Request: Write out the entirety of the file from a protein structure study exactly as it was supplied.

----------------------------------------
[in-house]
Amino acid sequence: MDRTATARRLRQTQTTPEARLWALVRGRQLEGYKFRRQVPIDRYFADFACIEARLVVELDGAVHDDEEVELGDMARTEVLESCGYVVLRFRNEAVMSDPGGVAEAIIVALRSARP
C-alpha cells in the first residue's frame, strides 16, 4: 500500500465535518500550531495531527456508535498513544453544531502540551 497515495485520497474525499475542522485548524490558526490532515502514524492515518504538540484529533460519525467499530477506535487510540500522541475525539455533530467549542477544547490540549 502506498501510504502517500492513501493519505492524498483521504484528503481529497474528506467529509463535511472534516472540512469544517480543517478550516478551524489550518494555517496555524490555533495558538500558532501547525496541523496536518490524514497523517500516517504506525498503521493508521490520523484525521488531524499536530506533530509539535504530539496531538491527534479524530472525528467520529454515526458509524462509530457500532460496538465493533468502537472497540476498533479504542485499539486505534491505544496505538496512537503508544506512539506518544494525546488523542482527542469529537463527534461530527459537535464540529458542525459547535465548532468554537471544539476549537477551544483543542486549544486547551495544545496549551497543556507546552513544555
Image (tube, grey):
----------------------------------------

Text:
[in-house]
Amino acid sequence: MDRTATARRLRQTQTTPEARLWALVRGRQLEGYKFRRQVPIDRYFADFACIEARLVVELDGAVHDDEEVELGDMARTEVLESCGYVVLRFRNEAVMSDPGGVAEAIIVALRSARP
C-alpha cells in the first residue's frame, strides 16, 4: 500500500465535518500550531495531527456508535498513544453544531502540551 497515495485520497474525499475542522485548524490558526490532515502514524492515518504538540484529533460519525467499530477506535487510540500522541475525539455533530467549542477544547490540549 502506498501510504502517500492513501493519505492524498483521504484528503481529497474528506467529509463535511472534516472540512469544517480543517478550516478551524489550518494555517496555524490555533495558538500558532501547525496541523496536518490524514497523517500516517504506525498503521493508521490520523484525521488531524499536530506533530509539535504530539496531538491527534479524530472525528467520529454515526458509524462509530457500532460496538465493533468502537472497540476498533479504542485499539486505534491505544496505538496512537503508544506512539506518544494525546488523542482527542469529537463527534461530527459537535464540529458542525459547535465548532468554537471544539476549537477551544483543542486549544486547551495544545496549551497543556507546552513544555
Image (tube, grey):